DIY Guru Bre Pettis Has Invented the First Affordable 3-D Printer
Bre Pettis (and other items) printed in 3-D. photographed by Ryan Kobane
"Be very careful if you make a great slingshot for your hovercraft," advises Bre Pettis, DIY guru and a founder of the first affordable 3-D printer company. "My experience with that was what inspired me to get health insurance."
Wild ideas like these are a dime a dozen from Pettis, the self-proclaimed "tinkerer" and how-to video podcaster, whose 3-D printing innovations have won him attention from an audience far wider than the open-source geek crowd he attracted with his hacker collective, NYC Resistor. In 2009, Pettis, who studied mythology, psychology and performing arts at Evergreen State College, co-founded MakerBot, a Brooklyn-based company focused on making affordable 3-D printers that are changing how we think about DIY or "personal manufacturing," as Pettis -- looking every bit the Williamsburg resident with thick-rimmed glasses and shaggy, prematurely gray hair -- calls it. MakerBot's printers, which construct plastic products based off of digital blueprints, bring new dimensions to manufacturing within the medical, home-building and even fashion industries.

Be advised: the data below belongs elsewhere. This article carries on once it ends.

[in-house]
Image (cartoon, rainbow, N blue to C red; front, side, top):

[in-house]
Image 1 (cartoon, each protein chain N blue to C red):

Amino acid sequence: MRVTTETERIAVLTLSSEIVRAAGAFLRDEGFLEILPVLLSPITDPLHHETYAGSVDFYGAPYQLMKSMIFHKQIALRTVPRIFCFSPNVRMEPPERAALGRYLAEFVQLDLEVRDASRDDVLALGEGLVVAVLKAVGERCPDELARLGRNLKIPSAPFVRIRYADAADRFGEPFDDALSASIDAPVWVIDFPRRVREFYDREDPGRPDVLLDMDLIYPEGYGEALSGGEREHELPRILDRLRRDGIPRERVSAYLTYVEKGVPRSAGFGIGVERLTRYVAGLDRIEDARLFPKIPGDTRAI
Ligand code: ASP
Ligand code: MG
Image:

Much like the Internet in the mid-'90s, 3-D printing (and the "maker" culture that surrounds it) is still finding its role in society. But in 10 years' time, last-minute Home Depot runs or fruitless shopping trips searching for the perfect pair of shoes could be a thing of the past. For its part, MakerBot now employs 200 people and even has a demo and retail store in Manhattan. But before you start thinking that you're going to put the sex toy industry out of business or become the next Steve Jobs of home manufacturing, take a look at Thingiverse, MakerBot's website where users share designs for 3-D printing.
"My favorite part of the day is looking at Thingiverse," muses Pettis, finding constant inspiration in the idea that visitors are able to share and download more than 70,000 3-D designs ranging from brass knuckles to robotic hands for children born without fingers.
"My life's mission is to create tools that creative explorers can use to make wonderful things," says Pettis. "What will you make?"